This week I'm reviewing K.D. Williams' "Mysteries in the Locket", which the author sent me digitally in exchange for a review. In addition to the review here on the blog, I'll also be talking a bit about the book in my February Wrap-Up which should be up this Friday.
As always, before I get into my thoughts, here's the book's Goodreads description:
21 year old Jinalie has a
few challenges she cannot handle alone. No day is ever a bore between
almost getting killed by and eighteen wheeler truck to trying to be the
perfect queen for her country. The biggest of her problems is realizing
she’s in love with both, Matthew her formal language teacher and Eli an
ex con who tried to kill her and take the throne. Jinalie can keep her
country and life protect, by discovering the secrets of her deceased
mothers locket, but not without betraying at least one of her lovers.
In the process she’ll discover who she truly is and why only she can
rule the country to success.
Okay, I'll be honest, I was a little hesitant going into this book. The description sounded interesting, but at the same time...I was unsure as to the genre and what to expect, but the reviews on Goodreads were good, so I figured I would check it out.
Now...I think this book had potential, a lot of potential, and if you can look past a lot of line edit issues, you'll probably enjoy it! However, I had a lot of issues with the book.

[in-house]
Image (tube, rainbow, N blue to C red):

Right off the bat, the relationships between characters were confusing. Jinalie's relationship with her father didn't have a clear dynamic, and neither did her relationship with anyone else- Matthew and Eli included. Part of this, I think, had to do with unnatural dialogue that made everything seem forced. I didn't believe the characters' emotions. The antagonists were written in a way that made them just seem like unstable children, which might have been the point, but irked me a little. A lot of the world and society building was dispersed throughout the story in an awkward sort of way that took away from the plot some and made those details seem like after thoughts. Like they were thrown in to explain away something.
The government is supposedly a monarchy, but there are elements that lead to confusion as to how the country is actually ruled, and characters such as Emily- who very clearly could have been charged with treason- aren't handled at all. Eli's whole storyline was slow to me and confusing. I didn't know what was going on with his character internally until halfway through the story, but then it seemed like his story was tripping over itself to make up for that....and why on earth would he be one of Jinalie's advisers so soon after meeting him?
The reason behind the conflict in the story was drowning in metaphorical meaning that seemed a bit like overkill and really sort of put me off to the villain...but not for the reason I was supposed to be.
Jinalie seemed ignorant as a character. This is really only a huge problem for me because it's written over and over that she has been preparing to be queen for years, yet she doesn't even know where Matthew was being kept- a fact that should be made clear to the ruler of a country.
Other problems I had were mostly technical- there were some grammatical errors that had been looked over, Eli kept being described...or there were specific instances where things either didn't make sense of the plot stumbled.
Over all...I didn't really enjoy this book and had to force myself to keep from skimming. That being said- I tend to notice and be stopped by details if I'm not in love with anything in the story. That's the case here. I liked the storyline, but I definitely wasn't so enthralled by it that I could look past all the little things that others potentially could look past. I don't exactly recommend it, but if you get the chance to read it, or if it's available on sale or for a promotional free download- then there's no harm checking it out.